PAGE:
The Imperial Chancery was busily employed for many hours of the night that followed the council described in the preceding chapter, in multiplying copies of the proclamation by which the decree of banishment was to be made known throughout the length and breadth of Rome. The document ran thus:—
This was posted up in all the quarters of the city. It so happened that our two friends saw it for the first time as they were on the way together to Seneca's house. Vestinius had been busily employed all the night in command of a detachment told off to cope with a great fire, and had been asleep all day; the Corsican had spent the morning at Ostia looking after some necessary repairs to his ship. This had kept him so busily employed that he had barely time to keep his appointment in Rome. Accordingly he had hired a carriage which had taken him to the barracks exactly at the hour at which he had arranged to meet the centurion.
They had not walked many yards, however, from the barracks when one of the posters attracted them.
"By the Twin Brothers," cried the Corsican, when he had read it, "this is a disaster! It means nothing less than ruin. What will my employer do? Fourteen days to collect his property and to put it into shape for carrying away. Why, he could hardly do it in fourteen years. You must excuse me; I must go and see him at once. And it makes it all the worse that he is laid up. They told me at his house this morning that he was a little better, but he certainly cannot be moved for weeks, and who is to manage for him? It would be a great trouble at any time, his being laid aside, for he is the only man who knows about his business from end to end; but now, I cannot conceive what we shall do."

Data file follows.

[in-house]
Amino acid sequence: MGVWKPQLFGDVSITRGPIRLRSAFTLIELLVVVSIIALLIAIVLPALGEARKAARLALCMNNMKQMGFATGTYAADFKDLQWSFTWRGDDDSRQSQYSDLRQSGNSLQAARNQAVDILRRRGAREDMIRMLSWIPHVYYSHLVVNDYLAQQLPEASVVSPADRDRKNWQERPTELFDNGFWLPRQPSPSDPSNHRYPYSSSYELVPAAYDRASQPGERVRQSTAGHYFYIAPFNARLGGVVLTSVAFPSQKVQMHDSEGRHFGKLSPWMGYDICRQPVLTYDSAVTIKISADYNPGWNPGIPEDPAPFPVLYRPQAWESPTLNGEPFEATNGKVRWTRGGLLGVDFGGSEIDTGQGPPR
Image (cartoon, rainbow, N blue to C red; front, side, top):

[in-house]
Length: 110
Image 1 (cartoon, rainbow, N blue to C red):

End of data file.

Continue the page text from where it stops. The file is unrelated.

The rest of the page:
"I can understand what you mean. But I don't think that it will be of any use for you to go to him now. On the contrary you cannot do better, in my judgment, than keep this appointment. Seneca is a great man; he is a power at court; if there is anything to be done by private influence, he is the man to help you. You cannot do better, I take it, than to ask his counsel."
The Corsican acknowledged the justice of the remark, and made no further difficulty about fulfilling his engagement with Seneca. It is not necessary to describe the dinner. If it was not sumptuous for a millionaire it was certainly elaborate for a philosopher, and the guests, if they desired to share an entertainment which they might look back to and talk about in years to come, had no reason to be disappointed. Seneca suited his conversation to his company, and seemed to have no difficulty in doing so. The sailor found that he knew all about ships; the centurion discovered that he was practically at home in all the details of local administration. After dinner, when the slaves had finished their service and retired, the Corsican put before his host the case of Manasseh.